Foreign investors confidence in Indonesias economic growth is also high, as reflected in the upgraded rating of Indonesia as a grade investment state which was previously ranked 41 to 36 (global competitiveness index) and listed as a top improver based on the ease of doing business 2017, he stated.
In the meantime, he added that the bank intermediation performance is predicted to grow in the range of 10-12 percent in line with the growth of economy, third-party fund (DPK), and credit growth.
Nevertheless, credit growth is expected to be in the range of the lower limit of the projection range, considering the process of individual bank consolidation, NPL improvement, and competitive pressure from peer-to-peer lending industry.
Meanwhile, Vice Chairman of the House of Representatives Commission XI Achmad Hafisz Tohir remarked that energy, food, and water security, as basic human needs, are fundamental problems that need to be addressed in the coming year.
Indonesias economic strategy cannot rely on continued extractive commodities but should rely more on the superiority of higher value industry competitiveness," he said.
Another challenge related to Indonesias economic fundamentals is the limited carrying capacity of long-term financing of the formal financial sector in national development.
"In the future, various external and domestic challenges need to be monitored in order to avoid having a negative impact on the Indonesian economy," he noted.
For that, he added that the policy synergies between Bank Indonesia and the government need to be strengthened. The economic policy mix is directed at safeguarding macroeconomic stability and financial system and maintaining the momentum of economic growth, in order to achieve sustainable and long-term economic growth.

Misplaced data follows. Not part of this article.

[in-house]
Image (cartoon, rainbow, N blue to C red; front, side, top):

President Joko Widodo earlier underscored the need for Indonesia to transform its economy from consumption-based to investment-based economy.
The time has come for Indonesia to shift to investment-based economy from consumption-based economy, he stated.
The same is also true with industries that rely on natural resources, he said.
Indonesia must abandon the economy, which is based on natural resources, without processing and instead must pursue manufacturing industries to increase added value, he remarked.
"This is the key. Let us not continue to export raw materials without processing them. We must start with process-based economy," he revealed.
He pointed out that the government is building more infrastructures as part of the efforts to boost the national economy.
Equitable infrastructure development across Indonesia is badly needed, he noted.
"Infrastructure development in Indonesia is urgent because its (existing) infrastructures are far from ideal and even tend to worsen. This is based on the results of a study conducted by the World Bank and McKinsey (in 2013)," he revealed.
Hence, the government has been stepping up infrastructure development in outlying regions, including Papua, which previously received less attention, he stated.
The government is building Trans Papua road and several other infrastructures to curb price disparities, especially in Papua, he concluded.
Source: ANTARA News